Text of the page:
Presentation on theme: "Chapter 4 Finding Out What’s Wrong. Victim Assessment Overview (1 of 2) Knowing what to do and what not to do is crucial during an emergency. A victim."— Presentation transcript:
Chapter 4 Finding Out What’s Wrong
Victim Assessment Overview (1 of 2) Knowing what to do and what not to do is crucial during an emergency. A victim assessment is a sequence of actions that helps determine what is wrong. A primary check will determine if: there is illness or injury. whether the victim is responsive or unresponsive. if a life-threatening condition exists.
Victim Assessment Overview (2 of 2)
Assessment Steps Scene size-up Primary check Secondary check SAMPLE history Reassessment
Scene Size-Up Look for hazards. Notice the potential for violence. Be observant of weapons. Reduce exposure to potentially dangerous body substances. Determine whether the problem is an injury or an illness.
Primary Check (1 of 2) Identify life-threatening conditions so that you can immediately take action to treat the conditions. Responsiveness Circulation Breathing Severe bleeding
Primary Check (2 of 2) Form a first impression. Injury or illness? Responsive or unresponsive? Breathing adequately? Talking? Bleeding? Chance of exposure to blood or body fluids? Danger to you, victim, or bystanders?
Check Responsiveness Tap the victim on the shoulder and ask, “Are you okay?” Use the AVPU scale.
Alert Victim Evaluate ability to remember. What is your name? Do you know where you are? What are the month and year? What happened?
An Unresponsive Victim RAP-CAB (1 of 4) R = Responsive? Tap shoulder and shout, “Are you okay?” Courtesy of Berta A. Daniels, 2010
An Unresponsive Victim RAP-CAB (2 of 4) A = Activate emergency medical services (EMS) Courtesy of Berta A. Daniels, 2010
An Unresponsive Victim RAP-CAB (3 of 4) P = Position the victim on his or her back. C = Cardiopulmonary resuscitation (CPR) Start with 30 chest compressions if the victim is not breathing. Courtesy of Berta A. Daniels, 2010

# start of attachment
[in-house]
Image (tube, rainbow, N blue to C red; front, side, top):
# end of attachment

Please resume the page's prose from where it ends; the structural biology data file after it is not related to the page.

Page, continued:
An Unresponsive Victim RAP-CAB (4 of 4) A = Airway Open the airway. B = Breaths Give two breaths and continue CPR. Courtesy of Berta A. Daniels, 2010
A Responsive Victim RAP-ABC R = Responsiveness A = Activate EMS P = Position A = Airway B = Breathing C = Circulation
Check for Breathing Chest movement Normal and abnormal breath sounds Feeling adequate air movement
Check for Severe Bleeding Check for a large amount of blood. Around the victim On the victim’s clothing Control bleeding. Wear exam gloves.
Position the Victim Most victims should not be moved. Exceptions: Unsafe location Victim is face down and needs CPR. Victim has difficulty breathing from vomit or secretions. First aider is alone and must leave to get help.
High Arm IN Endangered Spine (HAINES) (1 of 2) Keep left arm straight, extended above the head with upper part of the arm next to the head. Bring right arm across the chest. Place back of right hand against the left cheek and hold it there.
High Arm IN Endangered Spine (HAINES) (2 of 2) Bend the far leg at the knee and pull the bent leg to roll the victim toward you. Head stays on left arm while rolling. Right hand stabilizes the head. Right bent knee prevents rolling.
Left Side Advantages Keeps the airway open Delays vomiting Delays a poison’s effect Relieves pressure on a pregnant woman’s vena cava
Secondary Check (1 of 2) Determine whether the cause or mechanism of injury was significant. Assume a victim with a head injury also has a spinal injury.
Secondary Check (2 of 2) For a responsive victim: Ask if he or she can feel or wiggle the fingers and toes. For an unresponsive victim: Check spinal cord with Babinski reflex test.
Signs and Symptoms Signs See Feel Hear Smell Symptoms Things the victim feels Things the victim can describe Chief complaint